Can a large scale story also qualify as under the radar? The easy answer is "yes" and the obvious example is the Oklahoma City Thunder. Let’s go back to five short years ago when a team in Oklahoma City was just a dream that Clay Bennett had as he went to bed at night. After purchasing the Seattle Supersonics everyone knew the franchise was not long for the great northwest. No public funding for a new NBA arena was the "out" Bennett needed, and the franchise soon headed to the Sooner state.

In 2008 the Thunder took their first steps as a brand new franchise in a brand new town. Now four years later, this team that was left for dead is on the doorstep of playing and possibility winning the NBA title. I don’t think people remember how bad things were for the Thunder in their inaugural season. In their first 32 games they won 3 of them. Yes, you read that correctly. They had seven losing streaks of at least 3 games. They lost 14 games in a row, won a game then lost their next eight games. Just for reference this is a team that had Kevin Durant and Jeff Green in their second years and Russell Westbrook as a rookie. And they had a point where they lost 14 games in a row. If you should ever wonder why people talk about the epic nature of the Thunder’s story, this is why.

The Thunder is an example of the great things fans want from the NBA. Everyone focuses on the negative, me-first attitude of professional sports and athletes. And NBA players take most of the hit on that mindset from sports fans. Two lockouts in 20+ years did not help either. You know who else did not help the NBA me-first image problem? The antics of Carmelo Anthony with the Nuggets, Deron Williams of the Nets and LeBron James' Decision. All of these players are stars on the court, but holding a team hostage while they grandstand and demand to be traded to a larger media market is killing the NBA. It is a long and painful death. We see it and are not happy about it.

That is why the Thunder matters and why this team winning the NBA Championship is a big story. While all those superstars were making sure they ended up in a market that would help build their brand Kevin Durant was signing an extension to stay in small market Oklahoma City. While Dwight Howard demanded to be traded from the Orlando Magic, Russell Westbrook signed a team- and cap-friendly extension to stay with Durant in OKC for the next five years. Don’t assume winning isn’t important to these guys. In the case of LeBron James and Chris Bosh that was their number one motivation. But in the case of Carmelo Anthony and Dwight Howard that seems to be secondary. The playing ability of Durant was a major reason signed his extension with the Thunder. But that does not dimension the statement it sends.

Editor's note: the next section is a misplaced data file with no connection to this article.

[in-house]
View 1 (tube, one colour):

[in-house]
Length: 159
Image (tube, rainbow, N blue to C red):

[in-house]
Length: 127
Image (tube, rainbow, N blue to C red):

The NBA is a league driven by bigger markets. The league was "saved" by Magic Johnson and Larry Bird in the ‘80s while playing in the large media markets of Los Angeles and Boston respectively. Michael Jordan took the torch in the ‘90s while calling the Windy City his home. There have been rare exceptions to the big market NBA teams. The San Antonio Spurs proved that in the 2000s. But the days of Tim Duncan and company playing great offense, defense, and boring the causal fan to death feels like eons ago.

The Thunder is the lone team able to carry the small market torch for the "lesser thans" in the NBA. This team is what all other teams wish to be. But for some reason they are unable to be like the Thunder, whether it’s from poor evaluation of talent or fear of taking the plunge into full rebuild mode. A few things did break the Thunder’s trail to put them in this position. Having the Trailblazer pass on Durant and draft Greg Oden instead could have been the tipping point. But this team has been rewarded for their risks too in Westbrook and Serge Ibaka.

The Thunder’s title hopes are a big story as the NBA season moves along. Do they, though, actually have a realistic chance of winning the title this season? The answer is yes. Having the lockout shortened, a season of 66 games being played in 120 days benefits the Thunder and other teams with young and elite talent. The Thunder have an embarrassment of riches when it comes to their talent with the best player (Kevin Durant) and the second best point guard (Russell Westbrook) in the Western Conference. And the Western Conference is weaker this year than it was last year. The defending champion Mavericks are taking a long time to find the right mix to fill the void of players lost from last season. The Lakers started looking old in a hurry.

The Grizzlies bandwagon is in full "broke down on the side of road" mode. The Clippers are improving everyday and playing well but they still have some inexperienced guys on the team. The Spurs are the same Spurs they were last season, just a year older and still waiting for Manu Ginobili to come back from injury. The Nuggets are the other Western Conference contender but their lack of a true superstar to take over games and carry them is going to hurt them in the playoffs. This sets up pretty damn well for the Thunder to make a deep run ending in a NBA Finals appearance.

When the Thunder scores the NBA title, it will be a victory for all of the people who get sick of big market media coverage and a score for the little guy. It will be a victory for everyone who has ever felt like there was no light at the end of the tunnel. Even when the Thunder were losing 29 out of 32, they got to a point where in four years they are the best team in the Western Conference and heading toward a NBA Finals appearance.

Check out other entries in the series below:
1. Romeo Crennel's first season as Chiefs head coach
2. Missouri moves to the SEC